Gas prices change slightly despite unrest in Egypt

Investors were concerned protests in Egypt would disrupt oil transportation along the Suez Canal, which transports between one to two million barrels of oil a day. Despite concerns, the Suez Canal remains unaffected by the protests and did not cause the price of oil to increase.

The closing price of oil barely changed after reports showed fewer jobs were added in January than forecast. Oil and gas stockpiles continue to increase as fuel demand decreases.

“Oil has traded right around $90 a barrel since the start of the new year and it looks like it may stay at this price throughout February, assuming the situation in Egypt does not worsen and hinder transports on the Suez Canal,” said Jessica Brady, spokesperson, AAA Auto Club South. “The economic recovery has not taken off as many investors expected and instead, fuel demand has decreased. Retail gas prices will likely remain relatively unchanged this week.”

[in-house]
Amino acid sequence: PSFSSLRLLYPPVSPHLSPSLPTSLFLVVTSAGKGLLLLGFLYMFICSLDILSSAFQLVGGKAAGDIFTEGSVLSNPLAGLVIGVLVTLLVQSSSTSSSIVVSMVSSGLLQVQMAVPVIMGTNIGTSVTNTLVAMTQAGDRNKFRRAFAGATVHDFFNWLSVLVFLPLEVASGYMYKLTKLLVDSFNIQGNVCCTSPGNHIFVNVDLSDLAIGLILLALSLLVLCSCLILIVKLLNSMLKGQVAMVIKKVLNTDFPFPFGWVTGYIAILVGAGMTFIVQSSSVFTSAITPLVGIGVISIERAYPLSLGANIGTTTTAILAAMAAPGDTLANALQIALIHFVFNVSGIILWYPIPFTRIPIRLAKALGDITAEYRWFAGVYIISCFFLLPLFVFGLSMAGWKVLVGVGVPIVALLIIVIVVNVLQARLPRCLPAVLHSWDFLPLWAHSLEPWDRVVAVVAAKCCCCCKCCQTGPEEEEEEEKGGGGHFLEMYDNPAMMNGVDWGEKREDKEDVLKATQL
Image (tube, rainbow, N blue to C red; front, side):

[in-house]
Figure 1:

The price of crude oil closed Friday at $89.03 a barrel on the New York Mercantile Exchange, 8 cents less than last week.

The national average price of unleaded regular gasoline is $3.12 per gallon, up 3 cents from last week.

Florida’s average price of $3.12 increased 1-cent from last week. While Georgia’s average price of $3.01 increased 2 cents and Tennessee’s average price of $2.96 increased 3 cents from last week, respectively.



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